Youth Career and Educational Aspirations: Perceptions and Instrument Validation

By Sufian Forawi.

Published by The International Journal of Humanities Education

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Article: Electronic $US5.00

This pioneering study was conducted to determine the significant factors affecting career and educational aspirations among youth. A large, diverse group of 5,320 boys and girls from middle and secondary schools in the United Arab Emirates were sampled. The design of the study followed a quantitative approach by use of the Career & Educational Aspirations Questionnaire (CEAQ), with an acceptable Cronbach’s reliability coefficient (r= 0.78). Factor analysis used the extraction and rotation methods to present several supporting results. The major results revealed several preferred careers based on participants’ responses using the means rank and t tests, and Scheffe comparisons. The top five preferred future jobs determined by participants were engineer, police officer, physician, pilot, and military. As expected, participants did not rate teaching to be among those preferred top jobs and it was ranked eighth among the twenty-eight jobs. Also, in the absence of expert career counseling, Emirati boys, as in this study, are likely to follow their fathers into government employment.

Keywords: Career Aspirations, Educational Aspirations, Youth Perceptions, Instrument Validation, United Arab Emirates

The International Journal of Humanities Education, Volume 11, Issue 1, pp.11-25. Article: Print (Spiral Bound). Article: Electronic (PDF File; 283.499KB).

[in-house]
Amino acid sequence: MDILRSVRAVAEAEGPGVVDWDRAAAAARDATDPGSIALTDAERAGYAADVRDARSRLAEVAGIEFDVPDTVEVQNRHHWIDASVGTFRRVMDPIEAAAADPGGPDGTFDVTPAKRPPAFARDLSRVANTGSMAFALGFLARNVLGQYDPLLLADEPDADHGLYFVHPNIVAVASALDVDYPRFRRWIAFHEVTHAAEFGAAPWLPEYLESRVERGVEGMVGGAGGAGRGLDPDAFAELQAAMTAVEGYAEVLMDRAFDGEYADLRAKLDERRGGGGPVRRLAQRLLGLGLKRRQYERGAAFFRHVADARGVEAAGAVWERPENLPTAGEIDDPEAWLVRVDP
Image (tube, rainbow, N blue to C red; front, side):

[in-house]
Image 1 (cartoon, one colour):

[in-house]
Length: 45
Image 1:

Prof. Sufian Forawi

Associate Professor, Faculty of Education, The British University in Dubai, Dubai, United Arab Emirates

Dr. Sufian A. Forawi is currently a senior lecturer of science education in the Faculty of Education at the British University in Dubai. He obtained a Bachelor degree in biology from the University of Alexandria, Egypt; a Master degree in education from Omdurman Islamic University, Sudan; and an Ed.D. in science education from the University of Massachusetts Lowell, USA. His area of expertise is in the nature of science, teacher education, science technology, and global education. He has fourteen years of science teaching and coordination experience in higher education and six years of high school science teaching and administrative experience. He has been active with the state of Ohio assessment system in the USA for many years. He has been a member of several science education organizations such as the National Association of Research on Science Teaching, the American Educational Research Association, and the European Science Education Research Association. He has published widely in peer reviewed journals.